I need to update comments made in a post last week, when I alerted readers that US Airways had shared information on its website stating that elite status in the 2015 program year will be based on miles earned in American Airlines’ AAdvantage program and US Airways’ Dividend Miles program.
At the time we had only vague wording (and some precedent from the United-Continental merger) that suggested the meaning of “and” was that miles from the two programs would be combined. In fact, this is not the case.
I reached out to American Airlines immediately to ask for clarification when I wrote that post and only yesterday received a reply. To their credit, an agent from American’s customer care team personally called me, left a message (because I was flying on their planes all day), and then sent a follow up email to confirm I received the message.
The answer I received to my query is that American Airlines will look at the miles earned in both programs but only in isolation from the other. So you can credit your AA and US flights to AAdvantage, or you can credit your AA and US flights to Dividend Miles. But I would not split them up and credit to two separate accounts.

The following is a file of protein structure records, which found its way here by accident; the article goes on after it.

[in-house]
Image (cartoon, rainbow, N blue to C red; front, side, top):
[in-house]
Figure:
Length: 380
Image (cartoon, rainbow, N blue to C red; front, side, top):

I repeat: elite miles, segments, and points will not be added across the two programs.
One Mile at a Time already mentioned this yesterday when one of his readers alerted him to a change to US Airway’s FAQs. (I get that a lot of the new management is from US Airways, but why aren’t any of these clues coming from American Airline’s website, too?) Even he’s still a bit confused on which program year the FAQ update refers to and is seeking clarification. To answer him, the phone call I received specifically mentioned travel in 2014 for status in 2015.
This is similar in some ways to how United and Continental managed their merger. At that time I was encouraged to choose a primary elite program (just as the American agent recommended to me). During the integration year, flights credited to that program would determine my elite status.
However, United and Continental also said they would eventually combine credits in both programs at the end of the year. This is the part of that precedent that American and US Airways are not adopting. If you earn 50,000 EQMs with each program this year, your status in 2015 will only be as a 50,000-mile flyer — not a 100,000-mile flyer as I had hoped and originally concluded.
We’re still very early in the year, so it’s good to get this sorted out now! I only wish the airlines had been more proactive about addressing these kinds of questions before people started flying this year.